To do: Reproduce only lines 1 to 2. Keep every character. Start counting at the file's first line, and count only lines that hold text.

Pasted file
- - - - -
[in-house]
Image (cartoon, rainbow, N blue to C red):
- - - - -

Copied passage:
[in-house]
Image (cartoon, rainbow, N blue to C red):